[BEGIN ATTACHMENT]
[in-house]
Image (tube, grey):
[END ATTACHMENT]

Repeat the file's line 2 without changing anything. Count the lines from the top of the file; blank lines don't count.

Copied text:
Image (tube, grey):